Author/Presenter: 
Jeffrey E. Barrett
Douglas H. Clements
Julie Sarama
Year: 
2017
Short Description: 
This monograph is a report on a four-year-long multisite longitudinal study that studied children’s thinking and learning about geometric measurement (i.e., length, area, and volume).

Evaluation of three interventions teaching area measurement as spatial structuring to young children

We evaluated the effects of three instructional interventions designed to support young children’s understanding of area measurement as a structuring process.

Author/Presenter: 
Douglas H. Clements
Julie Sarama
Jeffrey E. Barrett
Craig J. Cullen
Aaron Hudyma
Ron Dolgin
Amanda L. Cullen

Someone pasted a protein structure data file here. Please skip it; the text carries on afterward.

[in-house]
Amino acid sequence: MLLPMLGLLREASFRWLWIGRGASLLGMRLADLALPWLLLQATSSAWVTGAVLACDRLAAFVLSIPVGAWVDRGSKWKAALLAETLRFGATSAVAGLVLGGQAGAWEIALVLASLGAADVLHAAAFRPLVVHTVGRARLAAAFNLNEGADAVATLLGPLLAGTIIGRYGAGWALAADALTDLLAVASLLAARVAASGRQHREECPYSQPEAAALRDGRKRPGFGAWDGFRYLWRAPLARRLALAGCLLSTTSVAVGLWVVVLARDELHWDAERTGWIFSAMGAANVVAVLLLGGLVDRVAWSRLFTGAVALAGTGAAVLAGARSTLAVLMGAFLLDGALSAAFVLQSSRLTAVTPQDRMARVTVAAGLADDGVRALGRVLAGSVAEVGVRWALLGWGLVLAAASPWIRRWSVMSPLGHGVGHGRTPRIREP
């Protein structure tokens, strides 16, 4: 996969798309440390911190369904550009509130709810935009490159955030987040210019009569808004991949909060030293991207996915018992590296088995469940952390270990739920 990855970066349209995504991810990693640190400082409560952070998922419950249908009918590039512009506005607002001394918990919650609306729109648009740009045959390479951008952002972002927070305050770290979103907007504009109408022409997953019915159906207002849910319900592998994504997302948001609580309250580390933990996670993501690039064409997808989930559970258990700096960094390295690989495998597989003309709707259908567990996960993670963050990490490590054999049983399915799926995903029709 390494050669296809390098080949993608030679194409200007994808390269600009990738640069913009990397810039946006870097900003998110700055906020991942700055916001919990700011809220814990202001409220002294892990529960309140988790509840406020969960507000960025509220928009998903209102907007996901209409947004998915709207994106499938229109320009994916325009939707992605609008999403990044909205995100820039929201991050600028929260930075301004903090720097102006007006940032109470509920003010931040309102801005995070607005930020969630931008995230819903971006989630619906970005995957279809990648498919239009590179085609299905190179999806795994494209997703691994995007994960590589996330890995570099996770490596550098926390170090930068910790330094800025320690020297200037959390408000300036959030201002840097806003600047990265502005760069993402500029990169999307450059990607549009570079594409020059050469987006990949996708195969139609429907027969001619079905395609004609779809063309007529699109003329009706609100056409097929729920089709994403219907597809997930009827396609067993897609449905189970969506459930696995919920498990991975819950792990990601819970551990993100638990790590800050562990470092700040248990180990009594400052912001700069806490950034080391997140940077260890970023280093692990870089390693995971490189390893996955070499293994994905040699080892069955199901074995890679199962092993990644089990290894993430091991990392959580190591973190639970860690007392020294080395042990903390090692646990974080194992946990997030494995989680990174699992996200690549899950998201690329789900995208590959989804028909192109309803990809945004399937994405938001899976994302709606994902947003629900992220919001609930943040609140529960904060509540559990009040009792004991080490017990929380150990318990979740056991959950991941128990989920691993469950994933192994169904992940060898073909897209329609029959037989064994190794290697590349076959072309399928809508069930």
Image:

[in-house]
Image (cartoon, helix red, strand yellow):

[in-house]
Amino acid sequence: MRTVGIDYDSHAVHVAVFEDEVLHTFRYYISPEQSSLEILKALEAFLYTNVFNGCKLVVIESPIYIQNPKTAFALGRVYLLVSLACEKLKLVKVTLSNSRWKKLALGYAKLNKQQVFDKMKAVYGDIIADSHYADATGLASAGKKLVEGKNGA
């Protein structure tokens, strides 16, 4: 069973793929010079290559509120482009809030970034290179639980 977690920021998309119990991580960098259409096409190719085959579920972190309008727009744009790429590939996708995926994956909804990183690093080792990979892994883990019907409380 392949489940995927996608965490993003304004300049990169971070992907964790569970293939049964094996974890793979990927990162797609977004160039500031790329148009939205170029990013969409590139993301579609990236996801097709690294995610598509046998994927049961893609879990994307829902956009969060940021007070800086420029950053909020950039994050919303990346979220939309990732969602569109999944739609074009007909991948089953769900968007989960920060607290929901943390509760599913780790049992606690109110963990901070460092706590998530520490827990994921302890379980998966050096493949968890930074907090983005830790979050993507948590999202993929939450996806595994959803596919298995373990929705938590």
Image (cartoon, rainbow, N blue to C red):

Cheryl L. Eames
Year: 
2018
Short Description: 
In this article, authors evaluated the effects of three instructional interventions designed to support young children’s understanding of area measurement as a structuring process.

Scientific Modeling across the K–12 Continuum: Alignment between Theoretical Foundations and Classroom Interventions

STEM Categorization: 
Day: 
Thu

Explore methods and challenges associated with supporting and evaluating scientific modeling in K–12 classrooms in this structured poster session.

Date/Time: 
2:15 pm to 3:45 pm
Session Materials: 

In this interactive panel symposium, presenters will draw from a set of active DR K-12 projects to explore a diverse array of resources, models, and tools (RMTs) designed to operationalize varying perspectives on scientific modeling in elementary, middle, and secondary classrooms across disciplinary domains.

Session Types: 

Data-Intensive Research in Education: New Opportunities for Making an Impact